While the unprecedented heat wave that brought triple-digit temperatures to the Pacific Northwest has passed, it has left its mark on the region’s trees and plants. Fir trees with brown patches, rhododendrons with scorched leaves and grass the color of straw dot the landscape. Since we should expect wetter winters and drier summers in the future, it’s a good time to reconsider how we garden.
In Gardening for Summer-Dry Climates, Nora Harlow provides suggestions and solutions specific to Pacific Northwest gardeners. A large portion of the book is devoted to plants that can withstand hot, dry summers; and to preventative measures, such as ways to harvest rainwater and landscaping that minimizes the risk of forest fires, making this a must-read for serious gardeners.
Olivier Filippi, known in France as the “dry gardening guru,” brings his expertise to Planting Design for Dry Gardens. Instead of water-hogging lawns that require constant maintenance, Filippi provides gardeners with alternatives such as ground covers and flowering meadows, ornamental grasses and shrubs, and gravel gardens that simultaneously highlight attractive, drought-resistant plants while keeping weeds at bay.
Xeriscaping — gardening or landscaping that reduces or eliminates the need to irrigate plants — has been widely practiced in desert and Mediterranean-type climates; as Pacific Northwest summers get drier and hotter, it’s a practice worth considering. In The Water-Saving Garden, Texas-based Pam Penick suggests drought-tolerant plants that are showstoppers along with practical solutions like grading soil and embracing pots and containers. In the section “Oasis or Mirage? Creating the illusion of water in the garden,” Penick “squeezes water from stone” with ideas for using glass and other materials to enhance your garden in surprising ways.
Did you pick up a new hobby last year? At the start of the pandemic, many of us dived into bread-baking, knitting, music-making, or any number of social-distance friendly hobbies. Mine was panic-gardening. I say panic-gardening because I started by haphazardly pulling out a small patch of lawn and throwing down whatever random seeds and plant starts my local nursery had leftover to see what would take. Needless to say, you won’t find my method of gardening in any recommended books or blogs on this subject…
In the end, the small harvest of lettuce, carrots, and tomatoes that I got was still enough to hook me on gardening. This year, I’m hoping to return to my garden patch with a lot more forethought and planning. I’m currently writing this blog as our city is blanketed by snow, so though it might seem early to be thinking about Spring, it’s actually the perfect time to get started on plants with a longer “days to maturity” period—like onions.
As I started reading up on this subject, I realized quickly that to start gardening as a novice is to be met with a million decisions: Should you start seeds indoors or sow directly? When should you plant seeds? What plants are best suited to our cloudy and wet springs? How important is your soil’s pH level? The world of gardening books is vast and initially overwhelming but here are a few books that have helped me make more sense of the basics:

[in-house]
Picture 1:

Finding solace in natural surroundings, and caring about wildlife even the urban creatures around grew stronger than ever while socially distancing. But, I haven’t read as much. On the days I have off, I have volunteered at a local park to plant off trail for pollinators and birds, to water the plants, and to try and keep dogs and people off of the seedlings and plants.
If you would like to help in a similar way Green Seattle Partnership is one way to go. It helps to know your native plants so you know which ones not to trample on or pull up. To become a Forest Steward you need to take a class, which happens during the Fall. I found 5-6 species of butterflies at this park this summer; this one is called Lorquin’s Admiral. Continue reading “Pollinator Project”
Last week I was in the garden, drenched with rain, digging in the mud with rapidly freezing fingers, and feeling suddenly hopeful. I was planting allium bulbs, and thinking about when, months from now, they would bloom. The Summer days would be long, the weather would be warm, and perhaps we’d have friends over to sit in the garden and watch the bees at work. One more Summer still, and perhaps these blooms will smile upon a populous garden party, social but not at all distanced.
For me March was always the kick off to camping season. Finding a cabin early in the season then in April heading to our family campsite on the Olympic Peninsula for opening day of fishing; May and June to Eastern Washington before it gets too hot and that itch to go and explore is still there. To combat that sense of go, go, go I walk since it’s now my only form of escape. What I noticed this time around, since I have the time and don’t feel a need to rush, I actually pay more attention to my surroundings.
I found a pocket park near my house. A tribute to fallen motorcyclists with trees and placards honoring those who had passed. Walking through slowly I read all the names and couldn’t believe I hadn’t seen it before. Maybe because it was next to a busy street and so more of a place we pass then visit, but not that day. Continue reading “Slowing Down”